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Cover Your Cargo Against Pirates

26 November 2008 Lion of Africa

With reports of eight vessels being seized in the past two weeks alone, it is clear that piracy is becoming an increasing concern along Africa’s coastline. Business owners and company executives should therefore not underestimate the financial risk that they are putting their companies in by failing to correctly insure cargo.

It’s not only bulk oil that is at risk,” says Elesh Bisla, head of marine insurance at Lion of Africa. “Pirates will highjack R50 million yachts as well as ships with various cargo containers because the ransom is more important to them than the contents.

“Often the pirates don’t even know what is on the ships. However, if the ship owner refuses to pay the ransom, and your cargo is in one of the containers on that particular ship, you can lose a great deal of money if the pirates decide to destroy or steal the cargo in the containers, and you do not have adequate marine insurance in place.”

He says that at the same time that piracy is on the increase, global economic woes are forcing companies to cut costs and insurance expenditure is often the first under the knife. “But if you lose your cargo to pirates and have inadequate or no insurance, you also have no recourse to action. Very few companies can afford to sustain those kinds of losses.”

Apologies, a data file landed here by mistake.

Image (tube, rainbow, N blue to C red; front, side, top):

“Many companies are rerouting their cargo past the Cape of Good Hope, willingly increasing shipping time and expenditure, in the hopes that the cargo will reach its destination. However, this makes South Africa the next potential hot spot for pirates, making it vital for companies to ensure that they have adequate cover,” says Bisla.

“Standard marine insurance does cover piracy and it is possible to get a policy that covers both the cargo and the ship. However, in South Africa, companies typically only need to cover their cargo as it is transported by independent shipping companies. These large ships are generally covered by Lloyds in London because of the substantial value of the hull.

He says another concern is that marine insurers don’t always fully understand the risks faced by companies transporting goods by sea. “It’s important that you find an insurer that takes into consideration all aspects of the risk and advises accordingly on things that can go wrong.”

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